Prayer shows up all throughout the Bible. If prayer is heartfelt conversation with God, then we find it as early as Adam’s interactions with God in the garden of Eden. We also see it as late as the prayer for Jesus Christ to return again in glory at the end of the book of Revelation. There are countless examples of individuals offering up prayers to God within the Bible. And there is a whole book of the Bible—the Psalms—that is made up entirely of prayers.
One of the consistent themes in the New Testament’s teaching about prayer is that we can be assured that God will hear and respond to our prayers. The apostle John points to this when he says, “This is the confidence we have in approaching God: that if we ask anything according to his will, he hears us” (1 John 5:14 NIV). This is a wonderful message! It tells us that God knows our needs, and that God absolutely expects us to bring our needs to him through prayer.
One way to think about prayer in the Bible is to look at the different types of prayers that we find. Perhaps the easiest way to think about the major biblical modes of prayer is through the acronym “ACTS.” It stands for Adoration, Confession, Thanksgiving, and Supplication. The four types of prayer that go by these names are found in many places in the Bible.
Prayers of Adoration
A prayer of adoration is a prayer that praises God’s goodness and majesty. In the Bible, we find prayers of adoration in the Psalms, which are often called psalms of praise. For instance, Psalm 111:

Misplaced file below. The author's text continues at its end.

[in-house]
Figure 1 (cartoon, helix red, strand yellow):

Praise the Lord!
I will give thanks to the Lord with my whole heart,
in the company of the upright, in the congregation.
Great are the works of the Lord,
studied by all who delight in them.
Full of honor and majesty is his work,
and his righteousness endures forever.
He has gained renown by his wonderful deeds;
the Lord is gracious and merciful.
(vv. 1–4 NRSV)
Prayers of Confession
A prayer of confession is a searching prayer of the heart. When we confess, we bare our souls before God about our sins and shortcomings. Confession to God is also a model for the kind of mutual confession that believers in the body of Christ are called upon to make to one another (see James 5:16). But ultimately, since all sin is sin against God, we are called to confess our sins to God. A key part of the good news of Jesus is that repentance can bring forgiveness and new life. Indeed, the Bible assures us that sincere confession before God will be met with forgiveness. We see this in 1 John 1:9 which says, “If we confess our sins, he who is faithful and just will forgive us our sins and cleanse us from all unrighteousness” (NRSV). So prayers of confession ought to be a regular part of our spiritual lives, as we become transformed into the people God would have us be.
Prayers of Thanksgiving
A prayer of thanksgiving is a prayer that recognizes the good things God gives us and offers thanks for them: our lives, our health, our families, and our faith. The apostle Paul told us, “Rejoice always, pray without ceasing, give thanks in all circumstances; for this is the will of God in Christ Jesus for you” (1 Thess. 5:16–18 NRSV). A part of what it means to live faithfully is to live out of a deep sense of gratitude for all that God has done for us. Prayers of thanksgiving help us to do that. They give proper thanks to God and also shape us into thankful people at our core.